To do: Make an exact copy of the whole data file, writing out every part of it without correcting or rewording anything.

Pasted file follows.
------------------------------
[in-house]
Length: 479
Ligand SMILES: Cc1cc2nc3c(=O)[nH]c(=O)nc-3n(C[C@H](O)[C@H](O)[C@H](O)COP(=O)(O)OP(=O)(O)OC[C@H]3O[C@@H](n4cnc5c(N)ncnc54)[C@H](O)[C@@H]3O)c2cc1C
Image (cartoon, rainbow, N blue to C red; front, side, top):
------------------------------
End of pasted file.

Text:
[in-house]
Length: 479
Ligand SMILES: Cc1cc2nc3c(=O)[nH]c(=O)nc-3n(C[C@H](O)[C@H](O)[C@H](O)COP(=O)(O)OP(=O)(O)OC[C@H]3O[C@@H](n4cnc5c(N)ncnc54)[C@H](O)[C@@H]3O)c2cc1C
Image (cartoon, rainbow, N blue to C red; front, side, top):